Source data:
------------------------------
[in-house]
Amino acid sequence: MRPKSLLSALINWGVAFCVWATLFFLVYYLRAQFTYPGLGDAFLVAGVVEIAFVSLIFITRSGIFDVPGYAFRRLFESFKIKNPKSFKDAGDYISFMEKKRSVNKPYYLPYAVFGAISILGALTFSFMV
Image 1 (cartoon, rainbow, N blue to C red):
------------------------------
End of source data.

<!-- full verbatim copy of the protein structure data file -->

[in-house]
Amino acid sequence: MRPKSLLSALINWGVAFCVWATLFFLVYYLRAQFTYPGLGDAFLVAGVVEIAFVSLIFITRSGIFDVPGYAFRRLFESFKIKNPKSFKDAGDYISFMEKKRSVNKPYYLPYAVFGAISILGALTFSFMV
Image 1 (cartoon, rainbow, N blue to C red):